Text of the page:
Film for a Friday: Elevator to the Gallows

There are a few holes in my film diary: an embarrassing one has now been remedied. Criterion has an absolutely mesmerising release of Louis Malle’s Elevator to the Gallows with the radiant Jeanne Moreau. I swear there’s not a frame that doesn’t sing. Of course there’s the fine soundtrack by Miles but you probably already knew that. If you haven’t seen it — or haven’t seen it lately — it’s about time, don’t you think?

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Film for a Friday: The Reckless Moment

The first filmed version of ‘grandmother of noir’ Elisabeth Sanxay Holding’s The Blank Wall. More recently there’s The Deep End. Both interesting in what they use and what they leave out. The novel is terrific. Teaching it again in the spring.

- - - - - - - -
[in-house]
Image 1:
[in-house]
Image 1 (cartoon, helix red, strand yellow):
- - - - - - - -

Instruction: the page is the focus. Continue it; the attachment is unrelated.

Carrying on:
Film for a Friday: Dante’s Inferno

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Join the Pre-Raphaelite Brotherhood and agonise over your art. Ken Russell directs a fabulous cast, full of eye-searingly vivid images. Just what you need.

 

Film for a Friday: Whistle and I’ll Come to You (1968)

Fabulous version of the MR James story with Michael Hordern, directed by the esteemed Jonathan Miller and featuring the Norfolk coast.

Film for a Friday: Lady Gangster

Via the Internet Archive: 61 minutes, starring Faye Emerson, Julie Bishop, Frank Wilcox, and Roland Drew.

And the ‘pedia says:

Lady Gangster is a 1942 Warner Bros. B picture film noir directed by Robert Florey, credited as “Florian Roberts”. It is based on the play Gangstress, or Women in Prison by Dorothy Mackaye, who had spent ten months of a one-to-three-years sentence in San Quentin State Prison.[1][2] Lady Gangster is a remake of the pre-Code film, Ladies They Talk About (1933). Jackie Gleason plays a supporting role.